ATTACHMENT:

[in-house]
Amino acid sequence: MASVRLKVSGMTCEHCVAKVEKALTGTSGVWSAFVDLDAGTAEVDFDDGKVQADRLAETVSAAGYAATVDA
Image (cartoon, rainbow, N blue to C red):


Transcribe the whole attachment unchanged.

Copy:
[in-house]
Amino acid sequence: MASVRLKVSGMTCEHCVAKVEKALTGTSGVWSAFVDLDAGTAEVDFDDGKVQADRLAETVSAAGYAATVDA
Image (cartoon, rainbow, N blue to C red):